There was a stock tank below the pulpit The first row of seats was reserved for people being baptized. The next two were reserved for the families and friends of those being baptized today. We took up most of a row.
It was my cousins’ church. Evangelical, non-denominational, non-Pentecostal, so hip that I regretted sitting in the aisle seat by the wall. Speakers pumped out repetitively cheerful choruses so loud that you could feel the music coming out of your mouth if you tried to sing.
I wasn’t there to sing. I was there for my family. For my cousins.
So were a lot of others. ‘Saved’ and ‘unsaved’ alike. The church had pushed this as a life event.
They were talking about evangelism. They were so on top of things that they even mentioned colonialism. Real evangelism had nothing to do with that, we were told.
“Now, I know a lot of us like to do something called friendship evangelism.” the pastor said. “We become friends with an unsaved person and expect that, in the course of the friendship questions of faith will just naturally come up.”
“But here’s there real problem. Here’s where it can go wrong. We become so comfortable in the friendship, we value it so highly that we don’t want to rock the boat by bringing up the unpleasant things like sin. We don’t want to offend”
Verses were invoked. Darkness and light. Not yoking with unbelievers. It’s not just about marriage, after all. It’s about lifestyle.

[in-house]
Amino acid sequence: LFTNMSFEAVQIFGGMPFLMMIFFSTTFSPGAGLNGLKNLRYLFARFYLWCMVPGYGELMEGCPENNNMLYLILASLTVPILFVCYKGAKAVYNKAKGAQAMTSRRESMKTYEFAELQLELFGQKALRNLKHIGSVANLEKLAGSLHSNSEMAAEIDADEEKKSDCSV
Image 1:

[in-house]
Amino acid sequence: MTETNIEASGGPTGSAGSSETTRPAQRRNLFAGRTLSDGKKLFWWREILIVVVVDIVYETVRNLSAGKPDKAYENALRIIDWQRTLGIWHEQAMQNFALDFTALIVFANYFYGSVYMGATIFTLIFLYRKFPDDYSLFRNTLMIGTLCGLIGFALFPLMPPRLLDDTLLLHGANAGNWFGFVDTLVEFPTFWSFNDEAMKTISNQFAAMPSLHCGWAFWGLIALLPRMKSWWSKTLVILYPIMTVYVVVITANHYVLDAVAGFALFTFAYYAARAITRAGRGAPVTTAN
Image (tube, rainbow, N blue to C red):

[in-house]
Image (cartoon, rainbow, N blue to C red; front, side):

“We can’t become friends with people without evangelizing. We can’t be friends with people.” he repeated. “The friendship can only happen if evangelism the whole goal.”
The baptisms began. Prerecorded video testimonies played in the background and the lighting shifted emotionally, people moved from the category of mere potential converts to that of full human beings whom one could befriend without ulterior motives.
It was mostly kids. Children who had accepted Jesus when they were six, and then again at summer camp, and were now trying to make it become real. My young cousin. My uncle was also baptized. He was the only adult baptized that day. He was also the only black man in the entire extended family. He had said he was a Christian years ago, but (behind his back) no one in the family believed him.
No one believed him now either.
As we left the parking lot, my mom seemed cautiously optimistic, despite the loud music.
“Wasn’t that a great message for Sue to hear?” she asked my dad.
Sue and her family had come, of course. She wasn’t a Christian, but she and my aunt had been friends for such a long time. They had been through so much together. She’d come anyway.
“You should have been there for the earlier part.” my sister said.
I had intended to come to the Bible study today. My little brother had asked me to come, all hopeful and wide eyed, where the others buried my non-attendance in starchy silence.
I had gotten involved cleaning and had forgotten the time. When I walked in, everyone looked up.
I hid in a corner.
“Pastor seemed so sad. He’s worried about his nephew in the IDF.”
I hadn’t known Pastor had a nephew in the IDF. His family is all in the East coast, but they aren’t Jewish that I’d ever heard. So this would be someone married in? How does that work?
I fretted as I reviewed what I had heard, trying to see how the earlier part would have played into the later.